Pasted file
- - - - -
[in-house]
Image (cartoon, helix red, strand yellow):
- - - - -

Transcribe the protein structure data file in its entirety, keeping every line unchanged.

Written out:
[in-house]
Image (cartoon, helix red, strand yellow):